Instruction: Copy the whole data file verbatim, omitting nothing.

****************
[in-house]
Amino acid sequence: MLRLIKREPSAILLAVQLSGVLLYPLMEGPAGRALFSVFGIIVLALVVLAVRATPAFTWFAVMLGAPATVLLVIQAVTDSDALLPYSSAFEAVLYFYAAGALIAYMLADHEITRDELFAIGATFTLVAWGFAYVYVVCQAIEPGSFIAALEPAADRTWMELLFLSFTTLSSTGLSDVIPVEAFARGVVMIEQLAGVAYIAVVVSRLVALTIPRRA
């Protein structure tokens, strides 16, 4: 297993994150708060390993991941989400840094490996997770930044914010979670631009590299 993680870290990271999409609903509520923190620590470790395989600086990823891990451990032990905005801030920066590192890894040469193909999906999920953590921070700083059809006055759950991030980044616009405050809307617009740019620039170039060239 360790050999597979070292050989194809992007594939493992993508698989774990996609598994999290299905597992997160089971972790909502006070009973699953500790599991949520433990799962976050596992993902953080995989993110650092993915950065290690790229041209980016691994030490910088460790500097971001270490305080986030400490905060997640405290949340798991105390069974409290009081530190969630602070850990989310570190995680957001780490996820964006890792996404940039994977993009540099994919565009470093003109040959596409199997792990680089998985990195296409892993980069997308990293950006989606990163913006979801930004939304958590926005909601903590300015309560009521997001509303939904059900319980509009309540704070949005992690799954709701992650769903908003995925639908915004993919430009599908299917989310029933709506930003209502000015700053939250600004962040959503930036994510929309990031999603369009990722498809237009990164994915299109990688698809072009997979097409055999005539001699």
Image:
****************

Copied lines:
[in-house]
Amino acid sequence: MLRLIKREPSAILLAVQLSGVLLYPLMEGPAGRALFSVFGIIVLALVVLAVRATPAFTWFAVMLGAPATVLLVIQAVTDSDALLPYSSAFEAVLYFYAAGALIAYMLADHEITRDELFAIGATFTLVAWGFAYVYVVCQAIEPGSFIAALEPAADRTWMELLFLSFTTLSSTGLSDVIPVEAFARGVVMIEQLAGVAYIAVVVSRLVALTIPRRA
């Protein structure tokens, strides 16, 4: 297993994150708060390993991941989400840094490996997770930044914010979670631009590299 993680870290990271999409609903509520923190620590470790395989600086990823891990451990032990905005801030920066590192890894040469193909999906999920953590921070700083059809006055759950991030980044616009405050809307617009740019620039170039060239 360790050999597979070292050989194809992007594939493992993508698989774990996609598994999290299905597992997160089971972790909502006070009973699953500790599991949520433990799962976050596992993902953080995989993110650092993915950065290690790229041209980016691994030490910088460790500097971001270490305080986030400490905060997640405290949340798991105390069974409290009081530190969630602070850990989310570190995680957001780490996820964006890792996404940039994977993009540099994919565009470093003109040959596409199997792990680089998985990195296409892993980069997308990293950006989606990163913006979801930004939304958590926005909601903590300015309560009521997001509303939904059900319980509009309540704070949005992690799954709701992650769903908003995925639908915004993919430009599908299917989310029933709506930003209502000015700053939250600004962040959503930036994510929309990031999603369009990722498809237009990164994915299109990688698809072009997979097409055999005539001699």
Image: